Johnny Depp Isn’t the Only Problem Warner Bros. Has With Fantastic Beasts

Is Warner Bros. decision to ask Johnny Depp to resign from Fantastic Beasts an outlier or could it set a precedent for future Hollywood decision-making?

Johnny Depp as Grindelwald in the Fantastic Beasts Sequel
Photo: Warner Bros.

At this point, Johnny Depp is only one of the ethical/PR issues the Fantastic Beasts franchise has, but he is apparently the easiest one to address. Depp has been “asked to resign” from the Harry Potter prequel series, according to the actor’s recent Instagram post. Though neither Depp nor Warner Bros. has given a specific reason for the actor’s departure, it comes just days after a U.K. court’s ruling that British tabloid The Sun was not committing libel when they described Depp as “a wife-beater” in 2018.

“Johnny Depp will depart the Fantastic Beasts franchise. We thank Johnny for his work on the films to date,” Warner Bros. said in a statement (via Variety). “Fantastic Beasts 3 is currently in production, and the role of Gellert Grindelwald will be recast. The film will debut in theaters worldwide in the summer of 2022.”

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For some, this forced resignation is a long time coming. Depp’s involvement as Grindelwald in the first Fantastic Beasts film was not only minimal but was impressively kept a secret prior to the release of the film. Prior to the production of the second film in the franchise (the awkwardly titled The Crimes of Grindelwald), however, many fans used Twitter to ask J.K. Rowling to recast the role of Grindelwald following Amber Heard’s accusations of Depp’s physically and emotionally abusive behavior. Rowling adopted a policy of blocking fans who challenged her on the casting and eventually released a short statement via her own website defending the choice to include Depp in the sequel.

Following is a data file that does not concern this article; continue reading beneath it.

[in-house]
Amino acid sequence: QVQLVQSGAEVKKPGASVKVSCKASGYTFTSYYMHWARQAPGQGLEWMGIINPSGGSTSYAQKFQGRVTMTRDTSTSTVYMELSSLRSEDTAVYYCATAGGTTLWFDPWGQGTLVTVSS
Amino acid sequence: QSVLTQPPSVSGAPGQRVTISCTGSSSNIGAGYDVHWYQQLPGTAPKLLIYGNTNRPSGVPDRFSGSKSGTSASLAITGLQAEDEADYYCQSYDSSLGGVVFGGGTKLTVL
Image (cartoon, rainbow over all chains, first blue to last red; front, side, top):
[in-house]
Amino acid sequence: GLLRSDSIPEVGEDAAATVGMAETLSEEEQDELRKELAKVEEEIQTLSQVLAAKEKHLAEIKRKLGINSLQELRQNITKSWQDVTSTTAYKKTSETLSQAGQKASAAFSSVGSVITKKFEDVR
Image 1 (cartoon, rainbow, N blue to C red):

“Based on our understanding of the circumstances,” Rowling wrote in December 2017, “the filmmakers and I are not only comfortable sticking with our original casting, but genuinely happy to have Johnny playing a major character in the movies.” Apparently, that has since changed.

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While Depp’s departure from the Fantastic Beasts franchise is a step in the right direction when it comes to addressing the ethical and PR issues of this major franchise, there are still at least a few other elephants in the room: Let’s start with J.K. Rowling. Rowling, who is both the Fantastic Beasts screenwriter and a producer on the films, has burned a lot of fandom bridges in the last year as a result of her increasingly vehement anti-trans comments on social media. If Warner Bros. did want to further distance itself from Rowling, it’s unclear what that would look like and what it might mean for the canonical future of the Potter-verse. Rowling clearly has a lot of power when it comes to the lucrative Potter brand, and she doesn’t seem poised to willingly give up creative or financial control anytime soon.

The other other elephant in the room? Ezra Miller, who appears as Credence Barebone in the Fantastic Beasts franchise. Miller made news back in April when a video surfaced in which Miller appears to be choking a woman. The incident took place at a bar in Reykjavik, Iceland. Neither Miller or Warner Bros. has publicly addressed the video, but Miller did appear at the DC Fandome event to promote The Flash for Warner Bros. back in August. Miller is expected to appear in Fantastic Beasts 3.

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While the timing of Depp’s resignation suggests that Warner Bros. is responding to the U.K. court ruling, the connection between WB asking Depp to resign and a court ruling that it is not inaccurate to describe Depp as “a wife-beater” has not been made explicit. That being said, the move is a relatively surprising one for the major Hollywood studio, which is part of a larger industry that routinely ignores major ethical concerns around some of its highest-paid directors, executives, and stars. Could the forced departure of Depp be a precedent-setting example of things to come or is it just a fluke in the Hollywood tale of profit over people?